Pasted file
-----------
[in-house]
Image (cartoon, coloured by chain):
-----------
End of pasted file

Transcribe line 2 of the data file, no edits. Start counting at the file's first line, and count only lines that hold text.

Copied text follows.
Image (cartoon, coloured by chain):